I had great aspirations to write a novel or something of that nature from the backseat of Nancy on the 4000 km road trip Yomadic and I did from Sarajevo to Tbilisi, but that was a pretty stupid idea. Way too many cool things going on outside the window and in my mind. Someday…
One thing I did did manage to throw together though during the less interesting parts (and whilst trying to avoid paying attention to the out of control drivers Nate was dealing with on the road) was this little cinematic ditty. A visual voyage to the ancient Armenian capital of Ani that now rests its ruins just 40 km east of Kars, Turkey, and just a stone’s throw away from the present border of Armenia which has been closed since 1993.
How do you get there? Kars is one of those places that you don’t just end up in, but it isn’t all that far if you are hanging out over in Batumi, Georgia or Trabzon on Turkey’s Black Sea coast. Driving east from Cappadocia, we stopped and slept in 2 different cities on the way (Zara and Erzurum) after driving at least 4 hours a day if that gives you a good idea of just how far it is from some of the more touristed parts of Turkey. Overnight buses work too, but they just suck. Flying from Istanbul or Ankara is the fastest and most convenient option, but it can also be the priciest. From the city of Kars itself, it’s about 40km out to Ani and a piece of cake if you have your own car – it’s a straight shot. If you don’t have your own car, you will need to hire a taxi and according to Wikipedia, it costs 100 Lira for a 5 hour trip which is about $50.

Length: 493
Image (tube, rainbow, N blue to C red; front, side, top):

How should I do it? On your own. Please don’t go with a Turkish tour guide or company unless you are 100% sure they are going to present you with unbiased information about what actually went down there. Just don’t…
How much does it cost? I forgot. But less than $5 for sure to have a coffee at the nearby “cafe” and get inside.
Lisa Imogen EldridgeDecember 16, 2013 at 3:53 pm
I love the fact that you venture to countries that are more unknown. Armenia wasn’t a place I had ever thought of but you’ve inspired me to visit. Thanks.
LarissaDecember 18, 2013 at 8:54 pm
Great, I love hearing that and you are most welcome :)
SilviaDecember 29, 2013 at 10:59 pm
This looks awesome! I’m planning on going to Armenia in the spring, and now I really can’t wait.
LarissaJanuary 3, 2014 at 11:11 pm
Armenia is great, I will definitely be going back to explore more as I mainly spent time in cities. Need to get out into the mountains!
RyanJanuary 8, 2014 at 11:56 am
Gah! That roadtrip looks so epic. I was following along on Nate’s blog with his dinky car and it fascinated me. I need to explore more of the unknown towns in places I go. Astounded I haven’t been more keen to yet.
LarissaJanuary 11, 2014 at 10:01 pm
Just do it, Ryan. That road trip was probably one of the coolest things I’ve ever done, at least until the next one.
SallyJanuary 8, 2014 at 11:49 pm
I’ll be in Eastern Europe starting this April for about 2.5 months, and this post / your blog is now my official guidebook. And the photography is stunning!
LarissaJanuary 11, 2014 at 10:03 pm
Thank you so much, that makes me really happy to hear. Trying to get more posts up, but in the meantime, don’t hesitate to ask me about anything you think I may be hoarding information about.
CorinneJanuary 10, 2014 at 5:42 pm
Yes, Ani is fantastic! Well worth the trip, and Kars isn’t so bad after all..great honey and cheese!
LarissaJanuary 11, 2014 at 10:11 pm
It’s not a bad place at all. Unfortunately I was pretty sick while we were there so didn’t get to explore as much of it as I would have liked. Definitely an interesting place in its own right with an interesting history, especially the Russian chapter.